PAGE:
The predetermined current supply circuit 130 supplies a driving current having a predetermined magnitude (hereinafter referred to as “predetermined driving current”) to the LED 1. Here, the magnitude of the predetermined drive current is a magnitude necessary for lighting the LED 1. “Lighting” as used in this specification means that the LED emits light so that it can be visually recognized by the human eye, and does not include the fact that it cannot be visually recognized. In addition, the magnitude of the predetermined drive current is preferably such that the LED 1 is slightly lit, that is, the LED 1 is lit slightly from the viewpoint of gradually brightening the LED 1. The predetermined current control circuit 140 controls the predetermined current supply circuit 130.

  FIG. 2 is a diagram showing how the drive current changes in the present embodiment. In FIG. 2, the hatched portion corresponds to a predetermined drive current. Hereinafter, the basic operation of the LED control circuit 100 will be described with reference to FIGS.

  When the lighting start signal is input from the outside, the predetermined current control circuit 140 causes the predetermined current supply circuit 130 to start supplying the predetermined drive current. As a result, the LED 1 is lit slightly. The variable current control circuit 120 gradually increases the variable drive current supplied by the variable current supply circuit 110 almost simultaneously with or immediately after the start of the supply of the predetermined drive current. Thereby, LED1 becomes bright gradually and will be in a predetermined lighting state.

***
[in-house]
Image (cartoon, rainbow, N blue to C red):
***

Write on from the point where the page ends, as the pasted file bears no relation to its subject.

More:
Next, when the extinction start signal is input from the outside, the variable current control circuit 120 gradually decreases the variable drive current supplied from the variable current supply circuit 110 from a predetermined current value to zero. Thereby, LED1 becomes dark gradually. When the variable drive current becomes zero, the predetermined current control circuit 140 stops the predetermined current supply circuit 130 from supplying the predetermined drive current substantially simultaneously or immediately after that. Thereby, LED1 transfers to a light extinction state from a micro lighting state.

  Thus, according to the present embodiment, in response to the lighting start signal, the LED 1 is slightly turned on by starting the supply of the predetermined driving current, and at the same time or immediately thereafter, the variable driving current is gradually increased. Therefore, when the LED 1 is faded in, the LED 1 can be turned on at a desired timing. Specifically, the LED 1 can be reliably turned on at the supply timing of the lighting start signal. For this reason, when trying to fade in several LED simultaneously, several LED can be lighted simultaneously and the problem that lighting timing shifts between LEDs can be avoided or reduced.